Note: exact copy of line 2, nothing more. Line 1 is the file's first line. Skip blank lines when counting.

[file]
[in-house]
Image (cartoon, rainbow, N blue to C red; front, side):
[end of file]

Image (cartoon, rainbow, N blue to C red; front, side):